There should be no debate around the fact that revenues from an exclusive, stockpiled ivory sale, can address the current MET budgetary shortfalls that are forcing cutbacks in national park maintenance, salaries for more rangers, and anti-poaching efforts.
Wildlife is one of the main draws for tourism, the third-highest contributor to Namibia’s GDP, which attracts over 1.4 million fee-paying visitors. Revenues from regulated ivory sales invested in tourism development is a win-win and must be pursued by MET. 
Instead of trouncing every Namibian proposal, at the very least, CITES should have allowed the once-off, supervised the sale of existing stockpiles on a reasonable basis (with a six-year hiatus afterward) as has been done before.
Namibia should consider proposing a change to the voting rules that CITES members that are home to the specific wild animals in each Appendix to have double the voting weight of those who do not have them. The re must be room for compromise and environmental absolutists on the ‘other side’ cannot be allowed to consistently dominate all votes and make CITES exclusive and not inclusive.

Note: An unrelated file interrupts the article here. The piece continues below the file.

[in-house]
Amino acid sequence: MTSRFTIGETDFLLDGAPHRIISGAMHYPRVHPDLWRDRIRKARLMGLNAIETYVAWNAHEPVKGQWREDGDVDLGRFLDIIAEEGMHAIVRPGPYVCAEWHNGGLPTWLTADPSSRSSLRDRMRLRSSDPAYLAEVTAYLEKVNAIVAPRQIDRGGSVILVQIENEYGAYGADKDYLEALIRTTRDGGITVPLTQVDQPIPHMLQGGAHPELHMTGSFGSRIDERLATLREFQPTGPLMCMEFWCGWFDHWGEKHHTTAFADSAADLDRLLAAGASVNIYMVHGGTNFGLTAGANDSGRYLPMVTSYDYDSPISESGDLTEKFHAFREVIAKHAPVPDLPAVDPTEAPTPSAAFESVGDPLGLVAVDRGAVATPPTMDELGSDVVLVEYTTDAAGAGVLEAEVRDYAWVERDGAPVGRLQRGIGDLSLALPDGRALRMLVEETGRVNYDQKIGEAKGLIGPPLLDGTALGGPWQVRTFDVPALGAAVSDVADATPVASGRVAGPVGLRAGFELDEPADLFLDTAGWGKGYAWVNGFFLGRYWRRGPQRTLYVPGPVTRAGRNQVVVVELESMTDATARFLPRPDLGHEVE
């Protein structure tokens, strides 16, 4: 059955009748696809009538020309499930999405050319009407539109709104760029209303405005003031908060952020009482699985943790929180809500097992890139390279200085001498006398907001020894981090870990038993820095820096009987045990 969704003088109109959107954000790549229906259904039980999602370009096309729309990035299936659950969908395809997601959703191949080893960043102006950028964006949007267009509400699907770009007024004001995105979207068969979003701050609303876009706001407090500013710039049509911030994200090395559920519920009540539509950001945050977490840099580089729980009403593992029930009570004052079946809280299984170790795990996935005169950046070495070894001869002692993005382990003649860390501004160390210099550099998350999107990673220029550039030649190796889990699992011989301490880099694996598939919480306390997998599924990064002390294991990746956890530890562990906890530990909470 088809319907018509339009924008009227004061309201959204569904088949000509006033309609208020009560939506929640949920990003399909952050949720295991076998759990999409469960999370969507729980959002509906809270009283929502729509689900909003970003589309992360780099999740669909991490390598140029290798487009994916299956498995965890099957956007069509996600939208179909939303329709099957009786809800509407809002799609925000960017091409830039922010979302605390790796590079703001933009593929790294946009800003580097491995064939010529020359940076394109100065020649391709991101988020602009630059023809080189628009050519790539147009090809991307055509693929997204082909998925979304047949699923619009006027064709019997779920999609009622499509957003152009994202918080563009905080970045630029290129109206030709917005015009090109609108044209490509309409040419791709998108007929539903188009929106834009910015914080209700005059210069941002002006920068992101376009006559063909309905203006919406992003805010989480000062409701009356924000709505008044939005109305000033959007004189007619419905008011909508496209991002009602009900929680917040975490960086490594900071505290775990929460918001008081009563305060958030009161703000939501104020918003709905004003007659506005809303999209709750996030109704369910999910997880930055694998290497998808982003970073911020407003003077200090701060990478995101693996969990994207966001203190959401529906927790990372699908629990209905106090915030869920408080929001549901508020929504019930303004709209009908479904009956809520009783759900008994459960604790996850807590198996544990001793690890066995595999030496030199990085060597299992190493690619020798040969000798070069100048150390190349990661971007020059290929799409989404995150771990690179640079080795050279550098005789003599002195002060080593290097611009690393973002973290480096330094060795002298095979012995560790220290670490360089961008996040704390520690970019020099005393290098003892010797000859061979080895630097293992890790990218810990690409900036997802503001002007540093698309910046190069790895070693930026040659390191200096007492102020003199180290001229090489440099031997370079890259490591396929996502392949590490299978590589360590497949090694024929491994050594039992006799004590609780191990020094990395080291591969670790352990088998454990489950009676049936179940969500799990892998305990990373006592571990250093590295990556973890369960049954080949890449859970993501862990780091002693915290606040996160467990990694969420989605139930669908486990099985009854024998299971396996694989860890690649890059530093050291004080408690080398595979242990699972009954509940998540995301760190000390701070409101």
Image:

Namibian decision-makers must consider whether being a part of CITES generates more revenues than would be earned by the sale of ivory stockpiles and limited rhino sales. Will the backlash of leaving the convention cause recognizable harm to the ailing economy of the Land of the Brave, enough to force Namibia to remain a member and accept the constant rejections of its priorities?
Shifeta is correct to stand up and ask the world: Whose elephants are they anyway?
Go to https://www.cites.org for more details about CITES.


The Windhoek Observer is an English-language weekly newspaper, published in Namibia by Paragon Investment Holding. It is the country's oldest and largest circulating weekly.